Factory activity in China has fallen at the highest rate in two years throughout July.
The private Caixin/Markit manufacturing purchasing managers’ index (PMI) dropped to 47.8 in July from 49.4 in the previous month.
It is worse than a preliminary reading of 48.2 and is the fifth consecutive month of contraction in the sector.
The results released over the weekend, which focus on small to mid-sized firms, mirror an economy which is showing signs of gradual easing.
Weaker market conditions and an associated downturn in client demand contributed to a third successive monthly contraction of manufacturing production in July. Moreover, the latest reduction in output was the sharpest seen in 44 months.
The PMI which focuses on large firms fell to 50 in July from 50.2.
Staff numbers at Chinese manufacturers declined for the twenty-first consecutive month in July. Despite the rate of job shedding easing since June, it was marked overall.
According to anecdotal evidence, employment fell due to company down-sizing policies that were implemented in light of softer client demand. Backlogs of work meanwhile rose at a marginal pace that was identical to that recorded in June, with some panellists mentioning that reduced output had led to greater amounts of unfinished work.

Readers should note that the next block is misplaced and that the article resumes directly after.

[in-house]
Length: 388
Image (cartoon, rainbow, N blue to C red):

Average input costs faced by Chinese manufacturing companies declined again in July. Furthermore, the rate of reduction accelerated to the sharpest seen since April.
Reports from panellists suggested that lower raw material costs had reduced overall cost burdens. Average selling prices also fell in July, and at the sharpest rate since January, with a number of firms cutting their charges due to increased competition for new work.